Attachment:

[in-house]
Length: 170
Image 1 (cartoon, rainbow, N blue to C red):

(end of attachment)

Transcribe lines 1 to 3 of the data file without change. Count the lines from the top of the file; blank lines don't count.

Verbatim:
[in-house]
Length: 170
Image 1 (cartoon, rainbow, N blue to C red):